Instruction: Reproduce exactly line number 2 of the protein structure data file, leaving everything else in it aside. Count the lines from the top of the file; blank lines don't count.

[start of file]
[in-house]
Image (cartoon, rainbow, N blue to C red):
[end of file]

Image (cartoon, rainbow, N blue to C red):